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Re: Little things make the initial install experience painful

On 20-Jun-02, 09:22 (CDT), Scott Dier <dieman@ringworld.org> wrote: 
> Steve Greenland wrote:
> >Fourthly, if you can specify a reasonable default, don't ask at all.
> I disagree, use the lowest debconf priority for these sorts of 
> questions.

The problem with asking questions in debconf and then writing a
configuration file based on them is that means you can't use the
conffile mechanism to manage upstream changes in the configuration
file, which is a HUGE loss for the user. Now, if you're already using
debconf, because shipping a a default conffile is not suitable, then
adding low-priority quesitons is reasonable. But if the choice is
between shipping a usable default configuration or using a low-priority
template, you should just ship the default. (Note that the choice is
*not* between a default configuration and a high-priority template: if
you can make a reasonable default choice, then it's ipso-facton not

> Unattended installs are fine because people like me preload 
> the debconf database before anything gets installed and then use the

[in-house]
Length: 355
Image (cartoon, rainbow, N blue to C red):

> noninteractive frontend.

Who said anything about unattended installs? I'm talking about the poor
newbie doing her first install and having to wade through a bunch of
fine-tuning that she can't, as yet, have an opinion about.

> If you dont like debconf at all, use noninteractive.

I like debconf. I don't like the amount of trivia some maintainers want
to force the user to deal with, rather than just picking a reasonable
default. It's a copout.

> I like all the questions, especially if its to maintain some config
> file that a maintainer decided to make it a PITA to maintain outside
> of debconf

And that's a bug.

> or to make it eaiser between package upgrades with differing config
> file formats.

It doesn't really solve the problem, as there is NO guarantee that
what's in the debconf database has anything to do with what's in
the configuration file. The program should provide tools to upgrade
properly, or just bite the bullet and document the "by-hand" upgrade.


Steve Greenland

    The irony is that Bill Gates claims to be making a stable operating
    system and Linus Torvalds claims to be trying to take over the
    world.       -- seen on the net

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